Day 62 in the Big Brother house...
Riding high on the wave of confidence that finally "nailing" Ikkyo gave me, I started todays session with much enthusiasm (at least in spirit. We wouldn't want anymore crying 40 year olds now would we). As time goes on with these sessions I'm coming to the realisation that this thread will mostly be about how my experience and perception changes over time, as opposed to the new and amazing techniques I learn. The techniques are there, yes, but there is such a depth to the theoretical underpinnings of this style that I feel the more interesting revelations will be of an intellectual or experiential nature.
This idea is exemplified by my most recent experiences. Today we started with the usual warm up, bokto work, and breakfalls, but we then broke out the jo staffs and were shown what I would call a movement, from the jo staff kata. It was simple enough and gave me no trouble. What it did do though, was illustrate the interconnectedness of the hands and the feet in a way I'd not previously noticed. Follwing this there were more jo staff techniques.
So following on from this we worked on some basic techniques and some slightly less basic techniques. Throughout the session everything seemed to just be "clicking" because all my techniques were ok. Everything seemed to be coming together as I was clutching onto this fragment or slightly less hazy image of just what it is I'm supposed to be doing in Aikijujitsu. All from the jo staff work and learning on a deeper experiential level the key element of hands and feet being connected and moving as one during all techniques. Much like people having Cognitive Behavioural Therapy for maladaptive thinking patterns, the things I learn from direct experience in Aikijujitsu or anything else for that matter, I seem to learn on a much deeper and more intuitive level, which sticks. I've been told a million and one things in Aikijujitsu, and many of them I've remembered and I make a conscious effort to act on them. This "revelation" with the hands and feet feels nothing like that, and I don't think I could forget it if I tried.
We were shown one rather flash looking Ikkyo from a knife attack which was similar to something I'd learned in jujitsu, as well as another knife defense that was even more familiar. The main differences being the footwork, so fortunately I was able to spend that time mainly focusing on the footwork.
Ok, so after a few techniques we're all lined up in seiza as usual, waiting to hear what we're doing next, and I get called up to demonstrate Ikkyo. HA! Remember how awesomely I "nailed" it? Well on my first attempt in front of the whole class my mind was still in nage mode and so my poor uke didn't have a clue what was going on with the second half of the technique. After performing the technique gradually better and better as I remembered just what the hell this awesome technique I nailed was supposed to look like. Then it was Nikkyo. Now... nikkyo we did last session, but it was a complicated Nikkyo, so what I actually did was the wrist lock I learned at Jujitsu, the one that is actually Ikkyo (I just forgot to move off center for this style). In a nutshell I was crap.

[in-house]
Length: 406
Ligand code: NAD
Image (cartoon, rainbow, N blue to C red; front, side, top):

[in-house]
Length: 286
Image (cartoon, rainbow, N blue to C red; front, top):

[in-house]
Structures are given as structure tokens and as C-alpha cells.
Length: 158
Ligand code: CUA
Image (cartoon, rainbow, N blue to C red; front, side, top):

At the end of the session I was told pretty much this, but that under pressure it can and does happen. There seemed to be some confusion too as my techniques during the sessions are ok (his words, not mine, ha). And on that basis I was awarded 5th kyu. I find it strangely fitting that I was awarded this at this particular time as I feel that my understanding and perception of the style have shifted somewhat. Now whether or not I feel like I am 5th Kyu standard is a strange question, as I've only been at the club a couple of months if that. During the sessions I am easily comparible to other Yellow belts, especially now with my "revelation". At the end of the day, the Sensei know what they want at each level.
Before the grading, I wasn't particularly excited about the grading for its own sake. This is due to wanting to get better, feeling that belt chasing isn't the best route, and knowing that belt chasing is practically impossible at this club unless... well unless you're just training to improve, and regularly at that. But then that wouldn't be belt chasing. Anyway I digress, I saw little significance. However, after being awarded the 5th Kyu, I was told something that made me think. It was "Now you have to try a lot harder". It was said in jest, but the other Head Sensei chimed in in agreement, indicating that more is now expected of me. The idea of having an increased responsibility to be "better" and try harder wasn't something that had ever crossed my mind. Take from that what you will, but I'd always seen training as just trying to improve, and reasoning that naturally you would become better and try harder as you progressed. At my jujitsu club I do feel I have this responsibility already, with there being so many new low grades that at times I can be considered a high grade (was refered to as such by Sensei). I hadn't considered this with my Aikijujitsu club and being at such a low grade, but I suppose it makes sense (interesting point, I'm actually 5th kyu in both styles, the difference being that my jujitsu club starts with 7th kyu as the first grading).
All in all an eventful couple of sessions. Looks like I can hang up the white belt for a little while too